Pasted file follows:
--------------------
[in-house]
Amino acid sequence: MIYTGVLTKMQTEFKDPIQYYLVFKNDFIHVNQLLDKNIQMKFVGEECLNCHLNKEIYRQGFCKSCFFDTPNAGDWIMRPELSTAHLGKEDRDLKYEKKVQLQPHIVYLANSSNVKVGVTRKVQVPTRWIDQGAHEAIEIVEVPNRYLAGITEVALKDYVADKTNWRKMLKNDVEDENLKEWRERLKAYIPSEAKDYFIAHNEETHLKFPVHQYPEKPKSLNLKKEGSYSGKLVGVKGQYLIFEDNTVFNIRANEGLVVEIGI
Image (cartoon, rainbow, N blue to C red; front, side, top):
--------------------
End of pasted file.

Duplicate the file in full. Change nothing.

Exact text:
[in-house]
Amino acid sequence: MIYTGVLTKMQTEFKDPIQYYLVFKNDFIHVNQLLDKNIQMKFVGEECLNCHLNKEIYRQGFCKSCFFDTPNAGDWIMRPELSTAHLGKEDRDLKYEKKVQLQPHIVYLANSSNVKVGVTRKVQVPTRWIDQGAHEAIEIVEVPNRYLAGITEVALKDYVADKTNWRKMLKNDVEDENLKEWRERLKAYIPSEAKDYFIAHNEETHLKFPVHQYPEKPKSLNLKKEGSYSGKLVGVKGQYLIFEDNTVFNIRANEGLVVEIGI
Image (cartoon, rainbow, N blue to C red; front, side, top):